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It was an intense day. And one of many to come. Like I said, I spent most of the day on my own, even within my own small group, but along the way we met others who were there helping the search. So many people, all strangers, coming together to help families that most of us don’t know. We even ran across some New York Times reporters, a very strange and surreal occurrence in Martindale, Texas.

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They were very kind and respectful to everyone who was there for so many different reasons. They asked quick questions and went out of their way to join in and stay out of the way, all while doing their jobs. We were a tough crowd, no one really wanting to be in the paper, everyone concentrating on the land below us and in our own headspace. Here is their resulting story:  Hundreds Form Search Parties to Seek Survivors in Texas Floods.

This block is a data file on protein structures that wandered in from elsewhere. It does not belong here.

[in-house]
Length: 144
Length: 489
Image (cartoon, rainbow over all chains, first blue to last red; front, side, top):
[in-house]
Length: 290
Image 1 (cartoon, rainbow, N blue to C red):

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 Image Credit: Tamir Kalifa for the New York Times

 It’s a really thorough article that begins to touch on how tough this search, recovery and clean up is going to be. Like I said, as small as these sweet Central Texas towns are, the river area to cover is far and wide. And like everyone, I hope it is all over…and everyone is found…soon.